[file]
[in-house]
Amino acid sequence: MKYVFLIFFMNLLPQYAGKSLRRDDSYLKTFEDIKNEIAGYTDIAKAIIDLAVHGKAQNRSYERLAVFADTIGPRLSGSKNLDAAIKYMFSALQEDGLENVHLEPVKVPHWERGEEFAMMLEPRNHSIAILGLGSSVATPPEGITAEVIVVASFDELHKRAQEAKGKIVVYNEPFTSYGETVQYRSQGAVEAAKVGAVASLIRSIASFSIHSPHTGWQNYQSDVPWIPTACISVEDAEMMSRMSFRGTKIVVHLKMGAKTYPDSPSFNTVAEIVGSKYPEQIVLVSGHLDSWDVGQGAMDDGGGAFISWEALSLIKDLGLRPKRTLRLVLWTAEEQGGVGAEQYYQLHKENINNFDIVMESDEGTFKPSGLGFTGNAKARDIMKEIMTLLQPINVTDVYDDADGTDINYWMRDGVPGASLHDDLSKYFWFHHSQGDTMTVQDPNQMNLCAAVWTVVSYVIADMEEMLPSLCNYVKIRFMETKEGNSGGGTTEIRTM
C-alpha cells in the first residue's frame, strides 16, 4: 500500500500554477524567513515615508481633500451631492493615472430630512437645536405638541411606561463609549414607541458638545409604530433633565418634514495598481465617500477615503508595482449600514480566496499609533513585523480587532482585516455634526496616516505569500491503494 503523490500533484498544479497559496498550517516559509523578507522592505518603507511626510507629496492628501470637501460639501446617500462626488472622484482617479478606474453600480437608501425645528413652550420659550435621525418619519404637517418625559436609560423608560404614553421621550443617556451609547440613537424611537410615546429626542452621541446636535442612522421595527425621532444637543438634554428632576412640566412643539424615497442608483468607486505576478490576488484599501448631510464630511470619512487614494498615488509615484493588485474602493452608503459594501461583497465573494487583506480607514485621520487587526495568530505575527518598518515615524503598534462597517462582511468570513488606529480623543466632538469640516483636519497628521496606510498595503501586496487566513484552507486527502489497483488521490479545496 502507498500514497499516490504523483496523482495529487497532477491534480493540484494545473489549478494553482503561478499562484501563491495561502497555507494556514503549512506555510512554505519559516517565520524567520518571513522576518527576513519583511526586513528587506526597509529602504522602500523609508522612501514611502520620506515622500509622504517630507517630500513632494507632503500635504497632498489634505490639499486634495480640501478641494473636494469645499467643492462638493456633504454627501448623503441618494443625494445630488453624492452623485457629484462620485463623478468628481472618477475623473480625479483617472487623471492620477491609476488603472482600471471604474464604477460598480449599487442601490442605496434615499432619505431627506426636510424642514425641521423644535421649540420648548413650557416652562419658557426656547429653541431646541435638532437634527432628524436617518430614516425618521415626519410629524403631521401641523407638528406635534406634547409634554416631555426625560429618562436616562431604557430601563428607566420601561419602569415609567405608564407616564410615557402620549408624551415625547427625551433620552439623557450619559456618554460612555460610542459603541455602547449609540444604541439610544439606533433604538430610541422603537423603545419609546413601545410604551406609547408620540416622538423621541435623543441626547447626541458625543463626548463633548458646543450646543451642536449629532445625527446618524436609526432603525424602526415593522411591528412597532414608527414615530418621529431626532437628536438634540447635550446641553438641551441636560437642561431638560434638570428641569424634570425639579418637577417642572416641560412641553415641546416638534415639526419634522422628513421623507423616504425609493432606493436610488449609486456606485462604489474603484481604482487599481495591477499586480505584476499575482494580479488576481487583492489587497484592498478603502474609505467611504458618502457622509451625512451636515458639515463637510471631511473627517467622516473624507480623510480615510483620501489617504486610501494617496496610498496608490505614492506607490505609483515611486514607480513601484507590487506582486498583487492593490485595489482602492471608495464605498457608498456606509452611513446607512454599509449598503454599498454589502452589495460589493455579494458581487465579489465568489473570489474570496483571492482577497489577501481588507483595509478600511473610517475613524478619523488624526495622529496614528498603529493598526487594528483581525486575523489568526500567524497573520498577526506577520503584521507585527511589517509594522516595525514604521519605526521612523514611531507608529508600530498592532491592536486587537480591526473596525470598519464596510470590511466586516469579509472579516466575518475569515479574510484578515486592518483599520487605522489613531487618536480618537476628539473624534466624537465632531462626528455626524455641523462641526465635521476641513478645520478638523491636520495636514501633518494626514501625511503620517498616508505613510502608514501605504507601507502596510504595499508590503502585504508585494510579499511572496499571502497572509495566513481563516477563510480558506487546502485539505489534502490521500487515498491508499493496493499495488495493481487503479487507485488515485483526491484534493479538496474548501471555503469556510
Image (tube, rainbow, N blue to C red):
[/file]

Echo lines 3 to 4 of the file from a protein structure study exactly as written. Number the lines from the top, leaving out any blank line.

C-alpha cells in the first residue's frame, strides 16, 4: 500500500500554477524567513515615508481633500451631492493615472430630512437645536405638541411606561463609549414607541458638545409604530433633565418634514495598481465617500477615503508595482449600514480566496499609533513585523480587532482585516455634526496616516505569500491503494 503523490500533484498544479497559496498550517516559509523578507522592505518603507511626510507629496492628501470637501460639501446617500462626488472622484482617479478606474453600480437608501425645528413652550420659550435621525418619519404637517418625559436609560423608560404614553421621550443617556451609547440613537424611537410615546429626542452621541446636535442612522421595527425621532444637543438634554428632576412640566412643539424615497442608483468607486505576478490576488484599501448631510464630511470619512487614494498615488509615484493588485474602493452608503459594501461583497465573494487583506480607514485621520487587526495568530505575527518598518515615524503598534462597517462582511468570513488606529480623543466632538469640516483636519497628521496606510498595503501586496487566513484552507486527502489497483488521490479545496 502507498500514497499516490504523483496523482495529487497532477491534480493540484494545473489549478494553482503561478499562484501563491495561502497555507494556514503549512506555510512554505519559516517565520524567520518571513522576518527576513519583511526586513528587506526597509529602504522602500523609508522612501514611502520620506515622500509622504517630507517630500513632494507632503500635504497632498489634505490639499486634495480640501478641494473636494469645499467643492462638493456633504454627501448623503441618494443625494445630488453624492452623485457629484462620485463623478468628481472618477475623473480625479483617472487623471492620477491609476488603472482600471471604474464604477460598480449599487442601490442605496434615499432619505431627506426636510424642514425641521423644535421649540420648548413650557416652562419658557426656547429653541431646541435638532437634527432628524436617518430614516425618521415626519410629524403631521401641523407638528406635534406634547409634554416631555426625560429618562436616562431604557430601563428607566420601561419602569415609567405608564407616564410615557402620549408624551415625547427625551433620552439623557450619559456618554460612555460610542459603541455602547449609540444604541439610544439606533433604538430610541422603537423603545419609546413601545410604551406609547408620540416622538423621541435623543441626547447626541458625543463626548463633548458646543450646543451642536449629532445625527446618524436609526432603525424602526415593522411591528412597532414608527414615530418621529431626532437628536438634540447635550446641553438641551441636560437642561431638560434638570428641569424634570425639579418637577417642572416641560412641553415641546416638534415639526419634522422628513421623507423616504425609493432606493436610488449609486456606485462604489474603484481604482487599481495591477499586480505584476499575482494580479488576481487583492489587497484592498478603502474609505467611504458618502457622509451625512451636515458639515463637510471631511473627517467622516473624507480623510480615510483620501489617504486610501494617496496610498496608490505614492506607490505609483515611486514607480513601484507590487506582486498583487492593490485595489482602492471608495464605498457608498456606509452611513446607512454599509449598503454599498454589502452589495460589493455579494458581487465579489465568489473570489474570496483571492482577497489577501481588507483595509478600511473610517475613524478619523488624526495622529496614528498603529493598526487594528483581525486575523489568526500567524497573520498577526506577520503584521507585527511589517509594522516595525514604521519605526521612523514611531507608529508600530498592532491592536486587537480591526473596525470598519464596510470590511466586516469579509472579516466575518475569515479574510484578515486592518483599520487605522489613531487618536480618537476628539473624534466624537465632531462626528455626524455641523462641526465635521476641513478645520478638523491636520495636514501633518494626514501625511503620517498616508505613510502608514501605504507601507502596510504595499508590503502585504508585494510579499511572496499571502497572509495566513481563516477563510480558506487546502485539505489534502490521500487515498491508499493496493499495488495493481487503479487507485488515485483526491484534493479538496474548501471555503469556510
Image (tube, rainbow, N blue to C red):